Haritashva, Haritāśva: 4 definitions

Introduction

Haritashva means something in Hinduism, Sanskrit. If you want to know the exact meaning, history, etymology or English translation of this term then check out the descriptions on this page. Add your comment or reference to a book if you want to contribute to this summary article.

The Sanskrit term Haritāśva can be transliterated into English as Haritasva or Haritashva, using the IAST transliteration scheme (?).

In Hinduism

Purana and Itihasa (epic history)

[«previous (H) next»] — Haritashva in Purana glossary
Source: archive.org: Puranic Encyclopedia

Haritāśva (हरिताश्व).—General. A King born in the solar dynasty. In the art of music he defeated Nārada and shamed Sarasvatī (Goddess of language), pleased Brahmā and by the melody of his music sent Viṣṇu to sleep. The mounting achievements of the King in the art of music evoked jealousy in Śivaśaṅkara, the lord of music. When Śaṅkaramūrti in a competitive spirit played the rāga Śaṅkarābharaṇa (a particular tune) Haritāśva) pointed out that Śāntarasa (the calmness and poise) which was suited to that rāga had given place to raudra rasa which was a serious mistake. Enraged at this Śiva opened his eye of fire at the King who retorted boldly thus, 'even if the eye of fire was opened a mistake was a mistake'. This stand of the King pleased Śiva so much that he bestowed on the King boons and good wishes as presents for his (king's) victory over all. Killed Andhaka. Andhakāsura conquered Svarga and took Indra prisoner during the period when Haritāśva was King. The combined efforts of Brahmā, Viṣṇu and Śiva could not kill Andhaka. At last at the instance of Bṛhaspati a representative of the Devas visited Haritāśva at Ayodhyā and sought his help to kill Andhaka and accordingly the King set out for war against the demon. Agastya told the King in secret that Andhaka treasured an image of Śiva and Pārvatī in his stomach, and after removing, with his arrows the idol from his stomach, Haritāśva killed him and restored the Deva-loka to Indra. (Kamba Rāmāyaṇa, Yuddha Kāṇḍa). (See full article at Story of Haritāśva from the Puranic encyclopaedia by Vettam Mani)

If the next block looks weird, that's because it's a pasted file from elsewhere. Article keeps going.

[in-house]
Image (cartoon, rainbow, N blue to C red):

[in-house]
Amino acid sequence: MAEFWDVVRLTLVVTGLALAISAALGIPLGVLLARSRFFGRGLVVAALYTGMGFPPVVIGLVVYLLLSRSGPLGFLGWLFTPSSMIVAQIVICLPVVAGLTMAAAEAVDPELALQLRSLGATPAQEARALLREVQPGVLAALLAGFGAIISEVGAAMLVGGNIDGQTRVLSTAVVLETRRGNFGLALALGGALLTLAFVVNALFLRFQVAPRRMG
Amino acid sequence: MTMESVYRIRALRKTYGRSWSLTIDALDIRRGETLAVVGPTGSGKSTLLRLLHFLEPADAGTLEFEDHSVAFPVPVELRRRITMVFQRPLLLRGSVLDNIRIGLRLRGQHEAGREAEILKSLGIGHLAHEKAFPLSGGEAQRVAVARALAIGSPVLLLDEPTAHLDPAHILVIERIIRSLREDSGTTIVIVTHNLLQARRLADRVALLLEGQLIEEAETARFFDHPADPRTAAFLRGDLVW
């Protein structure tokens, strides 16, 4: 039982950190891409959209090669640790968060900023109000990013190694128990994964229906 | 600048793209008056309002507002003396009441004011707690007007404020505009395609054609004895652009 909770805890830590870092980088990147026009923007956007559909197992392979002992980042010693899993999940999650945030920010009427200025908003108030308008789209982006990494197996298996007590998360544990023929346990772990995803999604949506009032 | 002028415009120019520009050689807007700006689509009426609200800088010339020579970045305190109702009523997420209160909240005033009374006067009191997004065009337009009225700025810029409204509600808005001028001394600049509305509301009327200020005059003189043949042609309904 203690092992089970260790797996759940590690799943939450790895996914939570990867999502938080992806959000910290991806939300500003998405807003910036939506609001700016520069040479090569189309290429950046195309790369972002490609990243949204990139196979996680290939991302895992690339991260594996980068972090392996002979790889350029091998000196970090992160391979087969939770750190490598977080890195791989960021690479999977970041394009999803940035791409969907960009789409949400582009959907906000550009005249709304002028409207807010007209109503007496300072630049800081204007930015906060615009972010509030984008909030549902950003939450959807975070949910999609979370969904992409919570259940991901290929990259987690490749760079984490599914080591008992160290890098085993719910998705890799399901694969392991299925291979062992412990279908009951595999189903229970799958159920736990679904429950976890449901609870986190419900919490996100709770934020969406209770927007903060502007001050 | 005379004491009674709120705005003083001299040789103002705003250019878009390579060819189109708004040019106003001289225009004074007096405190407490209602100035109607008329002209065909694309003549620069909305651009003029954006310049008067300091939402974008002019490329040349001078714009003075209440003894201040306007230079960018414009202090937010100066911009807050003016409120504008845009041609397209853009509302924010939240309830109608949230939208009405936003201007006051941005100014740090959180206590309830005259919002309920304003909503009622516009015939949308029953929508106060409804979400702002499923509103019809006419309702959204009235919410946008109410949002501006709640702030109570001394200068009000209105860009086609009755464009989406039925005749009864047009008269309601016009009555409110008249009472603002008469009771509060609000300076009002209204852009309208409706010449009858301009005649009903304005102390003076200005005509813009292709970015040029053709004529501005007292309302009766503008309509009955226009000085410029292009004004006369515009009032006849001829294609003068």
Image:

Source: Cologne Digital Sanskrit Dictionaries: The Purana Index

Haritāśva (हरिताश्व).—A son of Ilasudyumna; the lord of the east including the Kurus.*

  • * Matsya-purāṇa 12. 17-18.
Purana book cover
context information

The Purana (पुराण, purāṇas) refers to Sanskrit literature preserving ancient India’s vast cultural history, including historical legends, religious ceremonies, various arts and sciences. The eighteen mahapuranas total over 400,000 shlokas (metrical couplets) and date to at least several centuries BCE.

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Languages of India and abroad

Sanskrit-English dictionary

[«previous (H) next»] — Haritashva in Sanskrit glossary
Source: Cologne Digital Sanskrit Dictionaries: Cappeller Sanskrit-English Dictionary

Haritāśva (हरिताश्व).—[adjective] having fallow horses (Sun).

context information

Sanskrit, also spelled संस्कृतम् (saṃskṛtam), is an ancient language of India commonly seen as the grandmother of the Indo-European language family. Closely allied with Prakrit and Pali, Sanskrit is more exhaustive in both grammar and terms and has the most extensive collection of literature in the world, greatly surpassing its sister-languages Greek and Latin.

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